Skip to main content
World
Before he was a pilot, Andreas Lubitz was suicidal and underwent psychotherapy, Dusseldorf prosecutor's spokesman says.
The Web    CNN.com     
Powered by
 
 
 
 
 
 
 
 
 
 
 
 
 
 
 
SERVICES
 
 
 
SEARCH
Web CNN.com
powered by Yahoo!

Sources: Senior al Qaeda official may have been in Iraq

From Mike Boettcher and Henry Schuster
CNN

Zarqawi
Zarqawi

   Story Tools

more video VIDEO
CNN's Mike Boettcher reports on Abu Mussab al Zarqawi, a senior al Qaeda leader who might be a link between al Qaeda and Iraq. (January 23)
premium content

CNN's Mike Boettcher has learned that assassination has long been part of al Qaeda's repertoire and may be getting more attention. (January 22)
premium content
RELATED
SPECIAL REPORT
• Interactive: The hunt for al Qaeda
• Audio slide show: Bin Laden's audio message, 2/03
• Special report: Terror on tape
• Special report: War against terror

(CNN) -- A senior al Qaeda leader may provide a link between that terrorist group and Iraq, according to coalition intelligence sources.

Abu Mussab al Zarqawi -- a Jordanian -- was recently accused by Jordanian officials of masterminding the assassination of U.S. diplomat Laurence Foley in Amman in late October.

And Zarqawi has been linked to some of the men arrested recently in London and accused of possessing the deadly poison ricin.

But it is his travels, especially in the past year, that have attracted the attention of intelligence officials.

Zarqawi, coalition intelligence sources said, left Afghanistan when the Taliban regime was toppled. From there, said the sources, he traveled through Iran to Baghdad, then to Kurdish-controlled areas of northern Iraq, where Ansar al-Islam, a group linked to al Qaeda, operates.

Some in the U.S. intelligence community have questioned whether officials in these countries were aware of Zarqawi's presence, because he might have been using aliases.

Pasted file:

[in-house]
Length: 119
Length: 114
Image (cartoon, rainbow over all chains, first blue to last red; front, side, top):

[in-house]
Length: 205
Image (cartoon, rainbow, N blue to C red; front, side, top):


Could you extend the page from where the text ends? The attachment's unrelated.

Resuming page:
But former CIA operative Robert Baer, who spent years in the Middle East, disagreed.

"Somebody at some level had to know he was there. Now obviously I can't tell you whether Saddam knew, but somebody in an official line of responsibility for customs and immigration knew he came into the country," Baer said.

"Palestinians, other Arabs, even Iraqis go through a very tight screen when they come into that country. Documents are looked at. You just can't do it [sneak in]. It is a police state."

Coalition intelligence sources say Zarqawi also traveled to Syria and Lebanon, moving with seeming ease between those countries, setting up terrorist cells. These sources say Zarqawi is believed now to be in Iran.

According to U.S. sources, Zarqawi was the person to whom President Bush referred in an October 8 speech in Cincinnati, Ohio, when he sought to point to a connection between al Qaeda and Iraq.

"Some al Qaeda leaders who fled Afghanistan went to Iraq. These include one very senior al Qaeda leader who received medical treatment in Baghdad this year, and who has been associated with planning for chemical and biological attacks," Bush said.

Now, U.S. sources have linked Zarqawi to the arrests in London of several men accused of possessing ricin. Sources also said evidence was found in al Qaeda safe houses in Afghanistan of the organization's interest in ricin.

Zarqawi was convicted in Jordan in absentia of planning to bomb tourist sites and hotels during millennium celebrations as part of a series of al Qaeda attack plots worldwide. He evaded arrest and escaped to Afghanistan.

Baer called Zarqawi a very serious threat who manages to bring together very different terrorist groups, including groups representing both Sunni and Shia Muslims.

"The names are irrelevant. I say bin Laden could die today and it's going to make no difference to the organization. Somebody's going to carry on. Zarqawi will. He knows where to get money," he said.

Coalition intelligence sources said Zarqawi's primary focus seems to have been planning attacks in Jordan.

Salem Sa'ed Salem bin Suweid, a Libyan national, and Yasser Fathi Ibraheem, a Jordanian, were arrested and have confessed to carrying out the Foley assassination at Zarqawi's direction, according to Jordanian authorities.

The Jordanian officials said the men got money and weapons from Zarqawi, who was reportedly planning more attacks.

The trial of bin Suweid and Ibraheem is expected to begin in Jordan in the next few weeks. When it does, there could be even more important clues about Zarqawi -- and his connections to other countries in the region, including Iraq.

CNN has asked Iraq for its reaction and is waiting for its response.


Story Tools
Subscribe to Time for $1.99 cover
Top Stories
Iran poll to go to run-off
Top Stories
CNN/Money: Security alert issued for 40 million credit cards
 
 
 
 

International Edition
CNN TV CNN International Headline News Transcripts Advertise With Us About Us
SEARCH
   The Web    CNN.com     
Powered by
© 2005 Cable News Network LP, LLLP.
A Time Warner Company. All Rights Reserved.
Terms under which this service is provided to you.
Read our privacy guidelines. Contact us.
external link
All external sites will open in a new browser.
CNN.com does not endorse external sites.
 Premium content icon Denotes premium content.
Add RSS headlines.